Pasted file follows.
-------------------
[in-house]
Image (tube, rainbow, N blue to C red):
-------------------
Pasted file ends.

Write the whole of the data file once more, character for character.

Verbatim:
[in-house]
Image (tube, rainbow, N blue to C red):